Human global and population-specific genetic susceptibility to Mycobacterium tuberculosis infection and disease. Möller, M. and Kinnear, C. J. Current Opinion in Pulmonary Medicine, 26(3):302–310, May, 2020.
doi  abstract   bibtex   
PURPOSE OF REVIEW: Multiple lines of evidence support a role of the host genetic component in Mycobacterium tuberculosis infection and disease progression. However, genomic studies of tuberculosis susceptibility have been disappointing compared with that of other complex disorders. Recently the field has explored alternative strategies to facilitate locus discovery. Results emanating from these efforts during the last 18 months are addressed in this review. RECENT FINDINGS: There has been a renewed focus on the refinement of phenotypic definitions of infection and disease as well as on age-related, sex-specific and population-specific effects. Genome-wide association studies have yielded candidate genes but the findings have not always been transferable to all population groups. Candidate gene association studies remain popular as it is used for GWAS replication and is affordable, particularly in lower and middle-income countries. Pharmacogenetic studies involving tuberculosis drugs may locate variants that can be cost-effectively genotyped to identify individuals at risk of developing adverse events during treatment. SUMMARY: Additional GWAS and candidate gene association studies of crudely defined study participants are unlikely to make further important contributions to the TB susceptibility field. Instead refined phenotyping will allow the elucidation of genetic mechanisms contributing to infection and disease in distinct populations and the calculation of polygenic risk scores.
@article{moller_human_2020,
	title = {Human global and population-specific genetic susceptibility to {Mycobacterium} tuberculosis infection and disease},
	volume = {26},
	issn = {1531-6971},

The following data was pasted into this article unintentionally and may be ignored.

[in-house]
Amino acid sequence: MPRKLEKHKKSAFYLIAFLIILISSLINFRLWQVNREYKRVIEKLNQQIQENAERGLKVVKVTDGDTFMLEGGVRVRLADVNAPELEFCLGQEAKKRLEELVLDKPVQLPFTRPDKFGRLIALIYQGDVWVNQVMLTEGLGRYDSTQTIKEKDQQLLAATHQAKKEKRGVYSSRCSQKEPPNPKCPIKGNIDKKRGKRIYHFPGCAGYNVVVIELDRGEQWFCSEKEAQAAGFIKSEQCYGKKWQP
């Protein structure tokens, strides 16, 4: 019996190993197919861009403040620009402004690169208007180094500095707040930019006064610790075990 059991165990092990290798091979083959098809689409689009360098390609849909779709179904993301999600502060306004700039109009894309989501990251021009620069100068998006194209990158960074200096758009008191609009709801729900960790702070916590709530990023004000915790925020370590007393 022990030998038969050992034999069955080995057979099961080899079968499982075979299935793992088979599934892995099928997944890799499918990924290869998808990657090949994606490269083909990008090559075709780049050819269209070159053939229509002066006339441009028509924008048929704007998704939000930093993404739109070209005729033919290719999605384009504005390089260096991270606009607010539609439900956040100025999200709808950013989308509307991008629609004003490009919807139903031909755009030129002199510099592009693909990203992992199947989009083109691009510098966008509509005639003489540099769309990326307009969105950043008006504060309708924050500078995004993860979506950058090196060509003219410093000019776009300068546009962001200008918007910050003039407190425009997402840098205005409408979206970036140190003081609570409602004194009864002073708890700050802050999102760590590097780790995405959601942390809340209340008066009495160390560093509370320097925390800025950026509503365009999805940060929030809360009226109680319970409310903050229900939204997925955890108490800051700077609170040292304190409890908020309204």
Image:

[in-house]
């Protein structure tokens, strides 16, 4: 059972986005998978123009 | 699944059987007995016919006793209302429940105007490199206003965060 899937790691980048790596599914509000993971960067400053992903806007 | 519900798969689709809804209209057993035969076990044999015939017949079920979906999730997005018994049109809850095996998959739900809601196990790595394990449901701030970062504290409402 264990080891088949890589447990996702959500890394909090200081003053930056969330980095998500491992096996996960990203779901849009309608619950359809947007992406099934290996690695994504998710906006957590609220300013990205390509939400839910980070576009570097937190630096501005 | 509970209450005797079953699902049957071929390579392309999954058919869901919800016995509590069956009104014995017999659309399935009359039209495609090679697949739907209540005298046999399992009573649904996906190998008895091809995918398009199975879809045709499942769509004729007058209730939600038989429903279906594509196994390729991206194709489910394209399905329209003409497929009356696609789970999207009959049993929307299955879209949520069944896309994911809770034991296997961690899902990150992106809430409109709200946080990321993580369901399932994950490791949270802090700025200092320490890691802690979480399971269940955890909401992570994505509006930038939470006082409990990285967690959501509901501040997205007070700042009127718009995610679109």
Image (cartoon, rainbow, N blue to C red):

doi = {10.1097/MCP.0000000000000672},
	abstract = {PURPOSE OF REVIEW: Multiple lines of evidence support a role of the host genetic component in Mycobacterium tuberculosis infection and disease progression. However, genomic studies of tuberculosis susceptibility have been disappointing compared with that of other complex disorders. Recently the field has explored alternative strategies to facilitate locus discovery. Results emanating from these efforts during the last 18 months are addressed in this review.
RECENT FINDINGS: There has been a renewed focus on the refinement of phenotypic definitions of infection and disease as well as on age-related, sex-specific and population-specific effects. Genome-wide association studies have yielded candidate genes but the findings have not always been transferable to all population groups. Candidate gene association studies remain popular as it is used for GWAS replication and is affordable, particularly in lower and middle-income countries. Pharmacogenetic studies involving tuberculosis drugs may locate variants that can be cost-effectively genotyped to identify individuals at risk of developing adverse events during treatment.
SUMMARY: Additional GWAS and candidate gene association studies of crudely defined study participants are unlikely to make further important contributions to the TB susceptibility field. Instead refined phenotyping will allow the elucidation of genetic mechanisms contributing to infection and disease in distinct populations and the calculation of polygenic risk scores.},
	language = {eng},
	number = {3},
	journal = {Current Opinion in Pulmonary Medicine},
	author = {Möller, Marlo and Kinnear, Craig J.},
	month = may,
	year = {2020},
	pmid = {32101905},
	pages = {302--310}
}
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